One of the beautiful things about Jiu-Jitsu is its inclusiveness. It’s a sport for the young and old and doesn’t discriminate against any nationality. Most importantly, it’s open to men and women. This is why we at Granite Bay Jiu-Jitsu take pride in our BJJ women training classes.
Many prospective female students will often hesitate to join a BJJ women’s class. Luckily, all it takes to ease the trepidation is some knowledge about what to expect. Knowing what to expect makes joining a BJJ women fundamentals class less intimidating and more exciting.
Here are some practical recommendations for the BJJ girls to take their first steps and roll on the mats.
Before jumping into a BJJ fundamentals class, it’s always a good idea to clarify the reasons for joining and training. Female students will often have reasons for joining ranging from fitness to self-defense.
Every now and then, there will be female students with more competitive aspirations. Of course, many will develop this down the road.
Whatever the case may be, knowing the purpose of training is the first step to reaping the benefits of Jiu-Jitsu. The reasons don’t need to be along the lines of competing or getting a black belt; it can be many other things like having more opportunities to interact or learning a new physical skill.
For the most part, the reason most women have for joining a BJJ fundamentals class is fitness and empowerment.
All of the above are excellent reasons to join a BJJ class. The important thing is to have a reason.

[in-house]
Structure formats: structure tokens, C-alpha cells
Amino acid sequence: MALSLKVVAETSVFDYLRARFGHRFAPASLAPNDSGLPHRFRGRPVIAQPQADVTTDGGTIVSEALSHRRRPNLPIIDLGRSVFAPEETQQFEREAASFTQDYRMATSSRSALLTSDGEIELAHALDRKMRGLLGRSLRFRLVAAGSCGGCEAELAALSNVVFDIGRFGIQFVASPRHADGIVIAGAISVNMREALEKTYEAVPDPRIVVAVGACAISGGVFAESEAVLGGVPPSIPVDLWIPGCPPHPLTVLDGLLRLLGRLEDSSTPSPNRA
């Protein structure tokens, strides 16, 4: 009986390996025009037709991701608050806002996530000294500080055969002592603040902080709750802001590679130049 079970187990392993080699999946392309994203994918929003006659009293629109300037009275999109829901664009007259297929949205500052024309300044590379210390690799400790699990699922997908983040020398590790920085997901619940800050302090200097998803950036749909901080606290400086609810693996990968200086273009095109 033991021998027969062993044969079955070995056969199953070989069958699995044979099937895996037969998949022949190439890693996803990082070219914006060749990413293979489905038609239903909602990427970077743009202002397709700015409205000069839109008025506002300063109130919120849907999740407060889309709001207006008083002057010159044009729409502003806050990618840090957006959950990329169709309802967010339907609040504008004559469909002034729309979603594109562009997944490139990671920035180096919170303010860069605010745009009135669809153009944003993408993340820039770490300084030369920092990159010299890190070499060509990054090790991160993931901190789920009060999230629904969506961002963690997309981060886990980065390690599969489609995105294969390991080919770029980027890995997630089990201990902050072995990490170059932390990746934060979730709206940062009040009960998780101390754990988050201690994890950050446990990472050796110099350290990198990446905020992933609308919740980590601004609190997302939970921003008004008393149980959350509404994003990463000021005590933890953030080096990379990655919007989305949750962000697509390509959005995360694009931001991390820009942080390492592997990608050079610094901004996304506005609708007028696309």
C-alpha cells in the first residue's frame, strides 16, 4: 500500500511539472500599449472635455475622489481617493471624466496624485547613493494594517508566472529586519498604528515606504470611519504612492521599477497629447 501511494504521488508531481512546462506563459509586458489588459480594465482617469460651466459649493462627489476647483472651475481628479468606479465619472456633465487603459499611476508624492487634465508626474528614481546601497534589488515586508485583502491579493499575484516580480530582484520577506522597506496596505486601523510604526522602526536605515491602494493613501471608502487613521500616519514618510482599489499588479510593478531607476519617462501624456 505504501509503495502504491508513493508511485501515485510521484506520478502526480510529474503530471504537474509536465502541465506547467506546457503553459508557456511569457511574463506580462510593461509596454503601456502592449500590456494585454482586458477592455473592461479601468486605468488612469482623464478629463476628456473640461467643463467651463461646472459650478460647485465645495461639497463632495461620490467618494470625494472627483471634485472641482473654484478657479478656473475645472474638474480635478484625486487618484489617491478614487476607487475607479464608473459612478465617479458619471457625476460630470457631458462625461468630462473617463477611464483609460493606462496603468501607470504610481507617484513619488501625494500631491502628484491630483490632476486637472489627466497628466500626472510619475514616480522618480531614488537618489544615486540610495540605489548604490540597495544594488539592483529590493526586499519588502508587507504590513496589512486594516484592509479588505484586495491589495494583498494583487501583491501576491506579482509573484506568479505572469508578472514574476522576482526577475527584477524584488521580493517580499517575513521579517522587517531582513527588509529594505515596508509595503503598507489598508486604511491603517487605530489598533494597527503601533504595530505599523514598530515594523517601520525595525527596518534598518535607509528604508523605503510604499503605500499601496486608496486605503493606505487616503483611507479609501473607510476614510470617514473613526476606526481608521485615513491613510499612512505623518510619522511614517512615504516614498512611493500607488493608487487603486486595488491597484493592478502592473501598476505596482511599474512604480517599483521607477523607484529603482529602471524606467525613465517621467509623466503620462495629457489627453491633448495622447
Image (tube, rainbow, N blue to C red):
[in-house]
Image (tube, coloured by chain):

Hygiene and cleanliness are important. They can mean the difference between a fun-filled session and one that results in an infection of some sort. Keeping the academy clean is one of the priorities of academy owners and instructors. For this reason, they take a lot of time sterilizing the playing field, so to speak.
Of course, students — both male and female — need to contribute. There are a couple of ways students can contribute to the hygienic practices of the academy.
First, there’s the gi. Before joining a fundamentals class, students need to have gis. The gis need to be recently washed. Other students would think twice about rolling with someone whose gi smells like it hasn’t seen the inside of a washing machine. The same rule for cleanliness applies to no-gi apparel like fight shorts and rash guards.
Some new students won’t have gis yet. Luckily, academies like Granite Bay Jiu-Jitsu will usually have them for rent.
Another way students need to chip in to keep the mats clean is by bringing flip-flops. One of the reasons for this is that there may be times when students need to step off the mats. The reason may be to go to the bathroom or buy a bottle of water.
If a student steps off the mat barefoot and then returns to the mat, the mat will be less sanitary. Slippers and flip-flops will allow students to leave the matted area and return to it with clean feet.
This ties into the earlier point about hygiene. Beyond the sterile confines of the academy are grounds paved with germs and litter. Shoes bear the brunt of the microbial assault, absorbing dirt and bacteria.
Now, this doesn’t mean students need to enter an academy barefoot. Students new and old just need to keep their shoes away from the mats.
Academies will have areas where students can leave their shoes. Others will offer lockers as part of a membership package.